Through conditioning although maybe it’s also inherent, I seem to have come to believe certain things about love—romantic love anyway. All my life I’ve fallen in and then out of love, not a huge number of times mind, maybe half a dozen times or so.
I didn’t’ actually know there was such a thing as ‘romantic’ love. I didn’t recognise the many different ways we love. At eighteen I could understand that the love I had for my pets was not the same as the love I had for my parents or my friends, if indeed I recognised at eighteen that I had friends I 'loved' that my feelings of affection and joy in their presence was a form of love. At eighteen I remember thinking and perhaps telling someone (I was standing on the over bridge at Gordon station, I remember that, something of an epiphany) that I had noticed I could ‘love’ a boyfriend for six months or so and then it seemed to fade away and I didn’t think I’d ever be able to sustain a relationship with anyone beyond six months, because somehow my feelings always seemed to change and I no longer felt quite the same way about the person as I had in those heady, silly, beautiful romantic ways. At that age, I had no idea there was such a ‘thing’ as romantic love. And it wasn’t until some years later I came across a little book called ‘We’, and began to learn romantic love. I was a bit appalled really. Appalled and reconciled. Appalled I had never encountered the concept of romantic love before in an ‘objective’ way, of seeing it as a widespread phenomena. Appalled that say, my mother ( a big call really) (or someone) hadn’t warned me of its dangers and the necessary but seeming unreality of it. The idea that when we 'fall in love' we are falling in love with a mirror of ourselves, as projected onto another, explained many things about why my loves had predictably and routinely vanished.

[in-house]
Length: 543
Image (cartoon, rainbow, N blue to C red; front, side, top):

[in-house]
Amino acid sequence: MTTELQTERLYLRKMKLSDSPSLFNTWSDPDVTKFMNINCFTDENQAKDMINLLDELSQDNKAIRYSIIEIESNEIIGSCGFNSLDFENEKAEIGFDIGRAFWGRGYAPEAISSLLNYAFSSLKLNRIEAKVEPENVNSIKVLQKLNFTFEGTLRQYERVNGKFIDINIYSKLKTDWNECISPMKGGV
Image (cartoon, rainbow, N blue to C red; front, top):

It was one of my first intellectual understandings about love and I haven’t really had cause to have other big ones very much, until quite recently. I saw in my life where and when I was ‘in’ romantic love that it had always been delightful and sometimes completely devastating.
In subsequent relationships, and there haven’t been that many, and in light of my education about romantic love, I have forged past the six month period. The moment of some small disillusionment when the reality begins to settle that you are with someone who isn't a part of yourself, but a distinct and separate individual. Someone who you need to reconsider in the light of romantic love’s departure and you find yourself making decisions based more heavily on rationality. Not entirely rationally of course, but once romantic love has run its course, your brain kicks in a bit more. Romantic love risks making such a fool of you, so perhaps these more rational considerations have a lot to do with saving face-your own, to your own, which is of course ridiculous. But you find yourself needing to make an intellectual decision about the person you’re with. Who are they really? is there something I actually love or even like about them? Hopefully there is some quality about them that drew you together in the first place and hopefully this will be enough to sustain a longer term relationship. But why do I say hopefully? Why do I say longer term. This is at the 'heart' of what I’m learning.